Tuesday, March 29, 2011

Wheat and Schizophrenia

In a comment to "Dr. Davis versus The New York Times" I quoted this study:

"A drastic reduction, if not full remission, of schizophrenic symptoms after initiation of gluten withdrawal has been noted in a variety of studies. However, this occurs only in a subset of schizophrenic patients."

I was hoping to expand this comment into a post at some point, but now I don't need to.  Today in Psychology Today, Emily Deans, a psychiatrist, writes about the topic: "Wheat and Schizophrenia".

Obviously you should read the whole thing, but just to give you a flavor:

"Anyway, there's a funny thing about schizophrenia, turns out that quite a few of the adult schizophrenics on an inpatient psychiatric unit in 1967 happened to have a major history of celiac disease (gluten/wheat intolerance) as children. As in 50-100 times the amount of celiac disease that one would expect by chance. Celiac doctors also noticed their patients were schizophrenic about 10X as often as the general population. That's a lot! In addition, epidemiological studies of Pacific Islanders and other populations showed a strong, dose-dependent relationship between grain intake and schizophrenia. The gluten-free populations had extremely rare occurrence of schizophrenia - just 2 in 65,000 versus about 1 in 100 as we have in the grain-eating West. When populations Westernized their diets (flour, sugar, and beer), schizophrenia became common. In some clinical trials, gluten made new-onset acutely ill schizophrenics much worse, but only occasional long-term patients responded to gluten restriction. The long-term sufferer has already had a lot of damage - if wheat somehow toxic to the brain, then it would be vital to stop the insult early on in the course of the disease to see improvement."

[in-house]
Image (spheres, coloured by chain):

Want a bagel?

Via Jimmy Moore on Facebook.

P.S.  So I was driving home last night and listening to Robb Wolf's podcast, where he discussed Fasano's recent paper on wheat poisoning.  (Yes, I have no life.)  Robb said that a woman came up to him after one of his talks, and said she worked for some government health agency, and that her agency was of the opinion, although they could not yet prove it, that wheat is the cause of schizophrenia.  I doubt that's true, but there's clearly a pretty strong link.